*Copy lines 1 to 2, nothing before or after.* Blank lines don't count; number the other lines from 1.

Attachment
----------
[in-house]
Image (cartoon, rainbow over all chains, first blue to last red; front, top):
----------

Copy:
[in-house]
Image (cartoon, rainbow over all chains, first blue to last red; front, top):